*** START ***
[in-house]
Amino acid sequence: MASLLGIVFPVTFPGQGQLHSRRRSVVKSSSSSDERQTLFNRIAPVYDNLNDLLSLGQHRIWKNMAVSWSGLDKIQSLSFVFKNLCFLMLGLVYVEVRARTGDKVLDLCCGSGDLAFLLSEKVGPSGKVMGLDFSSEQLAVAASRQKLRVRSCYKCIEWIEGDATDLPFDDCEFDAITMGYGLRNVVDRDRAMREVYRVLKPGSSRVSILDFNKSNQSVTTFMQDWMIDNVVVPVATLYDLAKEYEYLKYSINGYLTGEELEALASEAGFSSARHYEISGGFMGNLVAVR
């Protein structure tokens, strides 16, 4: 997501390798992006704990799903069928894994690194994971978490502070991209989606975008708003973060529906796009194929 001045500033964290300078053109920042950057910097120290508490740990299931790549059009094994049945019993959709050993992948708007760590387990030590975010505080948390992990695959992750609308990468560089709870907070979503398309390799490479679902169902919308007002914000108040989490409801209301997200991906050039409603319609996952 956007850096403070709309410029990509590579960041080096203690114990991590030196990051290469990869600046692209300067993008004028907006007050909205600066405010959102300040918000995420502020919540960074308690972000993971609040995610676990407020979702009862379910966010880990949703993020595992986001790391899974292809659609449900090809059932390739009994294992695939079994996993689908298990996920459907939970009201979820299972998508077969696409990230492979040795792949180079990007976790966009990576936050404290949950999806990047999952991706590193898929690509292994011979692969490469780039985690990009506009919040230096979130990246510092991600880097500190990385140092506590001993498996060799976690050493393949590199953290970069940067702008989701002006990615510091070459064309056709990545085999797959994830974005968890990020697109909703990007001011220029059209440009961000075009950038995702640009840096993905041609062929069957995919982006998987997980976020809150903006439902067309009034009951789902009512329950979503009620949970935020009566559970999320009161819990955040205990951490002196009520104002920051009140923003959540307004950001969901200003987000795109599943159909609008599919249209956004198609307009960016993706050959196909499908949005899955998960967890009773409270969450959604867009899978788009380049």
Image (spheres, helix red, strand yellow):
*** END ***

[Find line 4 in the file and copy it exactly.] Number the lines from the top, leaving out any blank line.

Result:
Image (spheres, helix red, strand yellow):